[ section of
process_type is the name of a
MySQL Cluster process (
api) then you can use the following
regular expression to derive an equivalent MySQL Cluster Manager client
set statement from it.
In the case of
[api] sections of the
config.ini file, you also need to
determine whether the eqivalent
statement should be applied using
ndbapi as the
Some attributes such as
Id are read-only
HostName is already defined by
create site and
cluster; node IDs are determined by MySQL Cluster Manager and
cannot be overridden).
In addition, you should always keep in mind that MySQL
Cluster and MySQL Cluster Manager do not always use the same default
values for parameters and their corresponding attributes.
This is crucial especially in the case of
DataDirectory, since the data nodes
must be able to read these following the importation to
acess the cluster's data. See
Migrating data directories.
Migrating data directories. Do not start the new cluster before making sure that you have configured all processes in the new cluster to use the same data directories used by all nodes in the original cluster. If the data nodes of the imported cluster are not configured to read the original data directories, the imported cluster will be unable to access the original cluster's data.
Keep in mind that the default value used by MySQL Cluster Manager for the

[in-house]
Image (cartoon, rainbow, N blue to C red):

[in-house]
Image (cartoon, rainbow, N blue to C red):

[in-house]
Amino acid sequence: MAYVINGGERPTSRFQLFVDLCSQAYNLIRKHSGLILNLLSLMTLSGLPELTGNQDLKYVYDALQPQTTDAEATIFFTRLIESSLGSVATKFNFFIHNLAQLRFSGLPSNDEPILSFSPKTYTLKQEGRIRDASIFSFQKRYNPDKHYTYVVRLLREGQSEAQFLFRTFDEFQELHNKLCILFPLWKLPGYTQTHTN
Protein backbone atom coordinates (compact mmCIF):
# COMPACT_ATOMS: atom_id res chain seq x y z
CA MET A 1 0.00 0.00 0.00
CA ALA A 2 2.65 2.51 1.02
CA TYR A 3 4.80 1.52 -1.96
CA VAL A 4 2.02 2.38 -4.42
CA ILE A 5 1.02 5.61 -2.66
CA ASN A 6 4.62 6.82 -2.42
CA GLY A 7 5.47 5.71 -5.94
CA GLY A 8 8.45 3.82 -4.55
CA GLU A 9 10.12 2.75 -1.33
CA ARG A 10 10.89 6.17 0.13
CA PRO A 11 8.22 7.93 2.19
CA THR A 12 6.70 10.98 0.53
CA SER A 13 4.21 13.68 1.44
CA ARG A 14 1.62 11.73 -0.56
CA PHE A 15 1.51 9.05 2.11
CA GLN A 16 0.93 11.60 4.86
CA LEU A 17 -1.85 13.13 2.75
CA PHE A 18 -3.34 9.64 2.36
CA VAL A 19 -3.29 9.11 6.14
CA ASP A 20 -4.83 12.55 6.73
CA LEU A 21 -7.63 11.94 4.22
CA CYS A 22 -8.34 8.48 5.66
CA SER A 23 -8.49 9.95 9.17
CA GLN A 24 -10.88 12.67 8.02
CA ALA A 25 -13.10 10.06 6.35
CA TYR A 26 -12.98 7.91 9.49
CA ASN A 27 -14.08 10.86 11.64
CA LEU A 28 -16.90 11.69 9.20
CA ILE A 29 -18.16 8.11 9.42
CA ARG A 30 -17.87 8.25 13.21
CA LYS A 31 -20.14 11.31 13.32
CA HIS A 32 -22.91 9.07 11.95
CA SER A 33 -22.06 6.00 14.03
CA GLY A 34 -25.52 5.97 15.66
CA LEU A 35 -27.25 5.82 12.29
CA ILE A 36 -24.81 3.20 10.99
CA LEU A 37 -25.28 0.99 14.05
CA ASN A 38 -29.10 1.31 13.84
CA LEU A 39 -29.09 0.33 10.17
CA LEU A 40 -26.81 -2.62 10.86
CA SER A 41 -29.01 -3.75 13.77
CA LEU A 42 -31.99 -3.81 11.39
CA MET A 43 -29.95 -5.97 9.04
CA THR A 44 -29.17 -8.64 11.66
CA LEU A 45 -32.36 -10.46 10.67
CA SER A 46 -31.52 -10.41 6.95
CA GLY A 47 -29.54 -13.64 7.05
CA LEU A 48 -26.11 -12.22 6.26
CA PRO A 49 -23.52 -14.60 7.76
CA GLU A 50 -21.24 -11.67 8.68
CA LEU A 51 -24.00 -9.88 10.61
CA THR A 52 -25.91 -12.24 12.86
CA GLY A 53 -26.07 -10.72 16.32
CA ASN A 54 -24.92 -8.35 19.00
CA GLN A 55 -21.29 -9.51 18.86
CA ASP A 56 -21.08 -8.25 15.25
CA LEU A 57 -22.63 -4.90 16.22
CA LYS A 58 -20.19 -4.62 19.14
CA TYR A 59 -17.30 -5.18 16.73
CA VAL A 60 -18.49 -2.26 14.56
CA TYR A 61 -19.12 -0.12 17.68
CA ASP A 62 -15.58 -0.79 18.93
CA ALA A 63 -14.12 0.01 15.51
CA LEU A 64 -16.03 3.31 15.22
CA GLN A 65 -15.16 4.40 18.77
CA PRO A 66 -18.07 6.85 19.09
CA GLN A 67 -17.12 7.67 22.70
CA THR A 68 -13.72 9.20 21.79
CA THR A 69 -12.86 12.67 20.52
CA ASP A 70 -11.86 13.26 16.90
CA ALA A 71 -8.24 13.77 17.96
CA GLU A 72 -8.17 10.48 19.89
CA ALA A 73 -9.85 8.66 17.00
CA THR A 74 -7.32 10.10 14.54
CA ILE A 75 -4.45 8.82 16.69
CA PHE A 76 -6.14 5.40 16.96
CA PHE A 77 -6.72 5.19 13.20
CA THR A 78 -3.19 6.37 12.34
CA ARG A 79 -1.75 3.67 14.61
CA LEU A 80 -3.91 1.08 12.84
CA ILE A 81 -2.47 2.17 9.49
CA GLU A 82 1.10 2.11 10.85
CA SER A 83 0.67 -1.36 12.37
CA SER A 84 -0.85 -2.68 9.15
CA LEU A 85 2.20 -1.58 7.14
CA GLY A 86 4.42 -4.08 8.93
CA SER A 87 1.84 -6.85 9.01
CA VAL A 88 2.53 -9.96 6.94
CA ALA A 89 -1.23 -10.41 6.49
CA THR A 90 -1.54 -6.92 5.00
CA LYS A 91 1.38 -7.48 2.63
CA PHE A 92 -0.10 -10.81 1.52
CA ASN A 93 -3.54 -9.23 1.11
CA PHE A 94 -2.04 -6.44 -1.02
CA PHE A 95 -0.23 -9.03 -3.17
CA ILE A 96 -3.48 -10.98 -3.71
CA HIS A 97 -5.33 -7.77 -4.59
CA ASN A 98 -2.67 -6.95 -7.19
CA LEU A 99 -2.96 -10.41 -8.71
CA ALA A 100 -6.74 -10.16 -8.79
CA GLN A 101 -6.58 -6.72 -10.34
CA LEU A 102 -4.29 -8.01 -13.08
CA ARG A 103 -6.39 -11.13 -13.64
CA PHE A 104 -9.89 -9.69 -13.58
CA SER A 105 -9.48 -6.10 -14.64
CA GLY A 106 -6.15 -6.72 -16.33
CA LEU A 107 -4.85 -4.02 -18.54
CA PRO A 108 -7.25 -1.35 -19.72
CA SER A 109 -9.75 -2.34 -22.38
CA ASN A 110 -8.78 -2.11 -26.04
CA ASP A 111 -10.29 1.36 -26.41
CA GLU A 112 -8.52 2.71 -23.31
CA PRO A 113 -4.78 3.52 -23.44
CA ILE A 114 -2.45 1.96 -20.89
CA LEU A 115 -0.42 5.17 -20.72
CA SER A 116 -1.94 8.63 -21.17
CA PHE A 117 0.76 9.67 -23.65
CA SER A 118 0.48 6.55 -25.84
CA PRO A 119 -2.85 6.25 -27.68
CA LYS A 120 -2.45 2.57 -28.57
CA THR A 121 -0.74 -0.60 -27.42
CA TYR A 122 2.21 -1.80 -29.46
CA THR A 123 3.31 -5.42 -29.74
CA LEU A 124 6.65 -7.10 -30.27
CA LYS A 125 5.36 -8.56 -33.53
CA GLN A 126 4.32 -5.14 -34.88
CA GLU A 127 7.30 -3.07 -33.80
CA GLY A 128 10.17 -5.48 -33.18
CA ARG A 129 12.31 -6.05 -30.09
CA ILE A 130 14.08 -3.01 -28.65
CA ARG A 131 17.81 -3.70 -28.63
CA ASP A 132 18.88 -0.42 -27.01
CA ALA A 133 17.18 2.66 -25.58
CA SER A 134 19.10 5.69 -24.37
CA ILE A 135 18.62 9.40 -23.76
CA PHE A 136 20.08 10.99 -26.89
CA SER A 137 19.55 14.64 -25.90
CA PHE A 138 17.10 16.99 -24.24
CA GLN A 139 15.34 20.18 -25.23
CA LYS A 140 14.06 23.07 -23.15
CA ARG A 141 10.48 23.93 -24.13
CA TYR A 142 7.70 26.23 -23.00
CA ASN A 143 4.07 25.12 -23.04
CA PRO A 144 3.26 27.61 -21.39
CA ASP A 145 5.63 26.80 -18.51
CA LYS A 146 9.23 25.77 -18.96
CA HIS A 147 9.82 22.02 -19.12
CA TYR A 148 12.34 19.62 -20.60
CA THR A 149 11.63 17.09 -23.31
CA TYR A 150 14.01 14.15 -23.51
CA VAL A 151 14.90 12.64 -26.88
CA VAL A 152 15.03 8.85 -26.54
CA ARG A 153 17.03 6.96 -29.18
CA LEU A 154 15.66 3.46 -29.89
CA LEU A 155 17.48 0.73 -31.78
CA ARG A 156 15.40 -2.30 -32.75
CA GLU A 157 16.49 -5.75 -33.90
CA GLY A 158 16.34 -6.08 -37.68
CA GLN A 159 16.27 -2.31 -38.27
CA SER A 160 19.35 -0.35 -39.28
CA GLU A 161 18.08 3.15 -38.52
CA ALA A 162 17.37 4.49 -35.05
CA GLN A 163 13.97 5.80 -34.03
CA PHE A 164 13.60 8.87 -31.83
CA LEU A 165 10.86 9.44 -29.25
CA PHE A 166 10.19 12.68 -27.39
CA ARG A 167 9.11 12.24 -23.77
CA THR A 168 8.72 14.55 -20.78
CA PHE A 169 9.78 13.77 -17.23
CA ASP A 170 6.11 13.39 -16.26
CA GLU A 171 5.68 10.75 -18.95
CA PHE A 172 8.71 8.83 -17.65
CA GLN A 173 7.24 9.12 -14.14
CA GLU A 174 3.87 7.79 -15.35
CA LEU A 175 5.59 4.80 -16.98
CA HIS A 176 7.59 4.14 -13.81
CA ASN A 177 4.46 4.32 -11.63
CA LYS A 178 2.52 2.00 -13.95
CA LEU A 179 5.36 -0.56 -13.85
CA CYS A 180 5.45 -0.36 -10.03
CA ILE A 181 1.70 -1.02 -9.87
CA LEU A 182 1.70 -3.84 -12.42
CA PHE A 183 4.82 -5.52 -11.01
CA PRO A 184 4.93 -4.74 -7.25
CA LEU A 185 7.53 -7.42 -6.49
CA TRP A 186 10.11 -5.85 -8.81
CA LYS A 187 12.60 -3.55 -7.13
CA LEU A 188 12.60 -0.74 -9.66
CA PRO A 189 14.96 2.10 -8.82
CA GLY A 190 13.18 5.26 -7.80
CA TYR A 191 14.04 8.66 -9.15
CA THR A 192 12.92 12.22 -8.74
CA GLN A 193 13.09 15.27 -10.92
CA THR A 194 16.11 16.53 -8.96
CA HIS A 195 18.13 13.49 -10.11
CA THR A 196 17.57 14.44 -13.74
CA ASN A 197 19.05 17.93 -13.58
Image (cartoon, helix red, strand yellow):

is not the same as the default set by
MySQL Cluster or MySQL Server, as described here:
For a management node or data node, MySQL Cluster uses the
process working directory as the
DataDirectory, which means that, if the
DataDirectory was not set explicitly to
an absolute path in the original cluster's
config.ini file, the arguments with
which which the cluster executable was invoked and the
location it was started from may also affect this value. For
a mysqld processes, the default location
of the data directory depends on the method that was used to
install the mysqld binary (see
Installation Layouts, for more
information); this value can also be overridden from the
command line or in the mysqld's
Due to these many factors which can affect the locations of
the nodes' data directories, you should always verify
the true location of the original data directory for each
node in the original cluster by inspection of the file
system, then set
MySQL Cluster Manager) for each node in the new cluster explicitly.
config.ini setting that applies
to a single process of type
process_type and having node ID
node_id, you can use the
following regular expression to generate a
set statement that applies the same
setting to the same cluster process:
Cluster shutdown and startup. Once you have finished migrating the cluster configuration data, you are ready to restart the Cluster under control of MySQL Cluster Manager. This requires a system restart; that is, the cluster must be completely shut down, then restarted.
Before proceding with this step, make certain that the configuration you have set up for the cluster in MySQL Cluster Manager is correct. In particular, make sure that the node ID and data directory are the same for each node, in both the original configuration and the new configuration you have just created using MySQL Cluster Manager. Also verify that you have set any attributes that cannot be changed once the cluster has been started for the first time.